which were much closer.

And all among what is now peaceful farming land. 

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walking-logo

Jo’s Monday Walk

Weekly Photo Challenge-Windows

 

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My contribution for this week’s challenge…

Windows

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A variety of windows this week.

They say that eyes are a window to one’s soul.

I think these gentle eyes truly reflect

the nature of the beast.

Which eyes are really smiling?

First or second shot?

God’s Window in South Africa, not far from Mt Sheba.

The museum at Arras’ Bell Tower provides

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Cee-BW-Challenge-Back-of-Things

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Cee’s

Black and White Challenge:

Backs

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Backs from Europe this week…

 and we saw many backs walking away

from us while touring.

I guess we made the backs

for other photographers.

And while in Florence we saw this

imitation of David…but still a back.

Entering Nice one of the first things we saw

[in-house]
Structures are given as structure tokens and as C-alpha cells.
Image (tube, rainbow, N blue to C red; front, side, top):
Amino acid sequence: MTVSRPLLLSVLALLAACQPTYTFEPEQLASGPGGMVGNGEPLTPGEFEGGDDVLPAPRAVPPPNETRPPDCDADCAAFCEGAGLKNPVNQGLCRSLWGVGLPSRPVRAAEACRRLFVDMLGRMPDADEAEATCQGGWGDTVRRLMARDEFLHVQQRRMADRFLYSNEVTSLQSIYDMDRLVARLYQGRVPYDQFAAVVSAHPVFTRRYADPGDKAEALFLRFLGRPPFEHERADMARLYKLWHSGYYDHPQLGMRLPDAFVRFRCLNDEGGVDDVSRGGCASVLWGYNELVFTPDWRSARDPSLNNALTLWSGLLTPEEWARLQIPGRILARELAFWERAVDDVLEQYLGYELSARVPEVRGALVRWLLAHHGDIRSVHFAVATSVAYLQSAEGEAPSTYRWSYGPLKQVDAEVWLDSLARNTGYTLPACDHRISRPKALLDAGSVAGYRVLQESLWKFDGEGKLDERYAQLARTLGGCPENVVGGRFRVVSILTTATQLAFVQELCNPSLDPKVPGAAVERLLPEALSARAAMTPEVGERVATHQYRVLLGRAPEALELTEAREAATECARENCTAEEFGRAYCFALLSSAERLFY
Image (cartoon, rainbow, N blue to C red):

was a tarmac full of private jets.

There were times a chair would have

been quite welcome.

I even thought cycling was better than walking.

And I guess a visit to Nice would not be complete

without a tourist shot or two of sunbathers’ backs.

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Cee’s Black & White Challenge: Back of Things

Black-&-White-Banner

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Travel Theme-Steps

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My

Steps

 Travel Theme.

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Steps from all over this week.

Some Viennese steps.

 At St Paul de Vence near Nice.

 Even the Vatican had a healthy set of steps.

 

This area of coastline is near

The Twelve Apostles

and is known as

Gibson Steps.

My destination was the Apostles so this was

only to be a brief stop.

On the day I did not see the steps

but the size of the couple on the sand

left me in no doubt that I

would not be looking for them, that day.

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Where’s My Backpack: Steps

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Jo’s-Monday-Walk-Wk36_Thiepval-2

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Jo’s Monday Walk